Lateral movement is how attackers spread across multiple parts of a network.
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In network security, lateral movement is the process by which attackers spread from an entry point to the rest of the network. There are many methods by which they can achieve this. For instance, an attack could start with malware on an employee's desktop computer. From there, the attacker attempts to move laterally to infect other computers on the network, to infect internal servers, and so on until they reach their final target.
Attackers aim to move laterally undetected. But even if an infection is discovered on the initial device, or if their activities are detected, the attacker can maintain their presence within the network if they have infected a wide range of devices.
Imagine a group of burglars who enter a house through an open window, then each go to a different room in the house. Even if a single burglar is discovered in one room, the others can continue stealing items. Similarly, lateral movement enables an attacker to enter the various "rooms" of a network — servers, endpoints, application access — making the attack difficult to contain.
While some aspects of it may be automated, lateral movement is often a manual process directed by an attacker or group of attackers. This hands-on approach enables attackers to tailor their methods to the network in question. It also allows them to respond quickly to security countermeasures applied by network and security administrators.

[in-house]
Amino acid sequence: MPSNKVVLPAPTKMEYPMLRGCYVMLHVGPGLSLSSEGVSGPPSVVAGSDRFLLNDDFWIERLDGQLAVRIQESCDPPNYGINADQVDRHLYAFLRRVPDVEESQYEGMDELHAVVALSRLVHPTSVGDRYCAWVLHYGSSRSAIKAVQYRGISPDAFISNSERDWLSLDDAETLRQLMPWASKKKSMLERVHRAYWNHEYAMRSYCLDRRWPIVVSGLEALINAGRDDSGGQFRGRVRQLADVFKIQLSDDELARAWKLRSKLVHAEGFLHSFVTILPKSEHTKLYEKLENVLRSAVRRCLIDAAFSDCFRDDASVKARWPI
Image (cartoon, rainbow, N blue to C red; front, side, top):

Lateral movement starts with an initial entry point into the network. This entry point could be a malware-infected machine that connects to the network, a stolen set of user credentials (username and password), a vulnerability exploit via a server's open port, or a number of other attack methods.
Typically, the attacker establishes a connection between the entry point and their command-and-control (C&C) server. Their C&C server issues commands to any installed malware and stores collected data from malware-infected or remotely controlled devices.
Once the attacker has a foothold on a device inside the network, they perform reconnaissance. They find out as much as they can about the network, including what the compromised device has access to and, if they have compromised a user's account, what privileges the user has.